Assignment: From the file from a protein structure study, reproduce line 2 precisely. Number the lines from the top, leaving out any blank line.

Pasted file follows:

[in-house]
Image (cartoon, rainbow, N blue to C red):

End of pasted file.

Image (cartoon, rainbow, N blue to C red):